Consider a language L0 that does no implicit conversions like double to int, "default argument promotions", array conversions to "address of first object", etc. Code like foo(int); double x; foo(x); is then a compile time error.

double x;
foo(x); // Bad L0 code

L0 is not relevant to this question other than it shows if L0 code wanted to call foo(int) with a double, it would explicitly perform the conversion.

double x;
foo(double_to_int(x));  // L0: Explicit conversion before calling `foo()`.

Consider a language L1 that does all the above implicit conversions. When code has a call to function foo(int) and a double parameter is passed, a function is created that that accepts the double, converts it to an int and then performs the code of foo(int). The L1 compiler has at least 4 choices: make 2 independent functions, 2 functions where one calls the other, makes one function with multiple entry points: one for int arguments and another for double, or one function with type information added in the passed argument.

double x;
foo(x); // Good L1 code, no conversion done in the calling code.

C is certainly not LO with C's implicit conversions. C could be L1 as there is little in the C spec that defines how to organize its passing of arguments - its ABI. As @Erik Eidt provided with useful comments to some key definitions, a language like C (and L1), which has a potential difference between actual arguments and formal parameters.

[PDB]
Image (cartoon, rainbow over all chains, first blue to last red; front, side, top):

This muddies the boundary between calling code and the called function.


In the end, with C, it is the formal parameter definition which says "acquires a value on entry to the function" implying the function is not called yet until this point.


Ref

C11 3.3
actual argument
expression in the comma-separated list bounded by the parentheses in a function call expression, or a sequence of preprocessing tokens in the comma-separated list bounded by the parentheses in a function-like macro invocation

C11 3.16
formal parameter
object declared as part of a function declaration or definition that acquires a value on entry to the function, or an identifier from the comma-separated list bounded by the parentheses immediately following the macro name in a function-like macro definition